Micah: Bangladeshis are in every sense a driven people. Along with the people of India, they fought for 32 years for independence from Britain, which they achieved in 1947. Their own independence didn’t come until 1971, from what was then Pakistan, after a brutal 9-month war. Throughout it all, they never lost their push for self-determination.
Among them, one name in particular embodies their spirit: Rabindranath Tagore, a poet, sculptor, essayist, humanist, and musical composer, as well as the first non-European to win the Nobel Prize in Literature in 1913, and a tireless voice for Bangladesh and the Bengali community in India. Tagore died in 1941 without ever witnessing a free India, let alone Bangladesh. In spite of this, he never stopped believing in human potential, nor did he stop pushing the limits of what he could be.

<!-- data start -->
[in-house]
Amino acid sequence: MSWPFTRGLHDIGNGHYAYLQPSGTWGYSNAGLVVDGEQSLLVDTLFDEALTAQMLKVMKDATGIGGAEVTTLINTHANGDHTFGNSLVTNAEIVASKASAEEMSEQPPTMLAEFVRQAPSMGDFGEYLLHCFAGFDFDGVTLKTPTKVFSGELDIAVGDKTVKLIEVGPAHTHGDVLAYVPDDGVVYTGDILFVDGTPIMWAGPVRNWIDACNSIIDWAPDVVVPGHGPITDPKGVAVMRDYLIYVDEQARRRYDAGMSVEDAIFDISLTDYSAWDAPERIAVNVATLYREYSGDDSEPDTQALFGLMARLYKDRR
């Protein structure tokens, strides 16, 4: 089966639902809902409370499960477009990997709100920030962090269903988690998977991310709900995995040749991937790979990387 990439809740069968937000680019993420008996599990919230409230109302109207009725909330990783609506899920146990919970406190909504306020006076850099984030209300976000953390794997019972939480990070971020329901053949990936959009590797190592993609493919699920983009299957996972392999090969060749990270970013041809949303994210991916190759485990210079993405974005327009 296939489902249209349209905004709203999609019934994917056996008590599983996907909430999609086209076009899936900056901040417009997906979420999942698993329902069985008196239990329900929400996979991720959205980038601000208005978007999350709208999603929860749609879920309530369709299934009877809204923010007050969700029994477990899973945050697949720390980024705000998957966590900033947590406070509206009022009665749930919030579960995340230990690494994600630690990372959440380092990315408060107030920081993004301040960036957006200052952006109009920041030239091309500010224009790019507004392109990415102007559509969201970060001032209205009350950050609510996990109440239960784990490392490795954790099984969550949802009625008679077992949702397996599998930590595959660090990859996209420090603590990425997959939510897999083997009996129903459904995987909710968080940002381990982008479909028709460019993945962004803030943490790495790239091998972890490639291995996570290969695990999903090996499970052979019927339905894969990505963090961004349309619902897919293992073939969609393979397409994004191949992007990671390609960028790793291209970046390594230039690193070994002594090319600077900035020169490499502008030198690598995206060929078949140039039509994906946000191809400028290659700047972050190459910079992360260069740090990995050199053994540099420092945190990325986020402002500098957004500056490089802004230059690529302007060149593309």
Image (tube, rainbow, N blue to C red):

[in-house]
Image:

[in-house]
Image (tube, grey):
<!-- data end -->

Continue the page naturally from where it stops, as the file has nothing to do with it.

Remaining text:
Speaking to the importance of courage, drive, and total responsibility, Tagore tells us “Everything comes to us that belongs to us . . . if we create the capacity to receive it.”
I would also encourage the video below, for a chilling performance of one of his compositions, which in Bengali speaks of controlling one’s destiny:
A beautiful people, and an extraordinary man…